The U.S. Department of Agriculture (USDA) Rural Development is investing $8.7 million to help 75 agricultural producers and small businesses in rural Oregon lower their energy costs through renewable energy adoption and energy efficiency improvements, announced State Director John Huffman on Tuesday.
“This is an especially difficult time for small business owners, farmers, and ranchers,” said Huffman. “By financing renewable energy systems and energy efficiency improvements, we’re helping these rural businesses reduce their utility expenses and improve their bottom line.”
Rural Development is investing $7.6 million in loan guarantees and $1.05 million in grants through the Rural Energy for America Program (REAP) to help 75 Oregon farmers, ranchers, and rural small businesses adopt renewable energy, conduct energy audits, and make energy efficiency improvements. The funding is contingent upon the recipients meeting the terms of the loan and grant agreements.
Financing for ag producers, rural businesses Grants and loan guarantees awarded through the REAP Renewable Energy Systems and Energy Efficiency Improvement Program can be used to install renewable energy systems such as bioenergy, geothermal, hydropower, wind, and solar systems.
The funding can also be used to make energy efficiency improvements to heating, ventilation, and cooling systems; insulation; lighting; refrigeration; and irrigation systems, among others.
In western Oregon, for example, JB Instant Lawn in Silverton will install a 121-kilowatt solar array with help from a $77,607 grant. This turf, grass seed, hazelnut, and blueberry farm will replace 50% of its energy use through this $310,428 project. By adopting renewable energy, the farm will reduce its utility bill by $13,742 per year, providing savings it can invest back into the business.
Live Local Organics in northwest Oregon will reduce the farm’s energy use by 17% through the installation of energy-efficient LED lighting using a $50,000 grant. With this $200,000 project, the locally-owned organic farm in Milwaukie will save $9,897 per year on its utility bill, improving the farm’s bottom line.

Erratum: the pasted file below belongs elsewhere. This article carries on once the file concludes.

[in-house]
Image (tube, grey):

Technical assistance grants
Grants awarded through the REAP Energy Audit and Renewable Energy Development Assistance Program are used by the recipients to conduct energy audits and provide renewable energy development assistance to an array of rural businesses and agricultural producers.
The Oregon Institute of Technology will use a $100,000 grant to expand its Rural Energy at Work Program in Oregon and California. Working with Lake County Resources Initiative, Klamath Watershed Partnership, and Sustainable Northwest, the Oregon Institute of Technology will deliver energy audits to at least 22 agricultural producers in Klamath, Lake, and Harney counties in Oregon and Modoc County in California. This program will bolster long-term rural economic health by increasing the efficiency of energy and water irrigation systems, conserving resources and improving utility expenses for local farmers and ranchers.
Clackamas Community College, with its project partner Spark Northwest, will use a $100,000 grant to expand the renewable energy development assistance provided through its Renewable Energy Technology Program. At least 26 rural businesses and agricultural producers in Oregon will receive assistance with implementing solar and hydropower systems through this project.
USDA Rural Development provides loans and grants to expand economic opportunities and create jobs in rural areas. This assistance supports infrastructure improvements; business development; housing, community facilities such as schools, public safety, and health care facilities; and high-speed internet access in rural areas. Learn more at www.rd.usda.gov/or.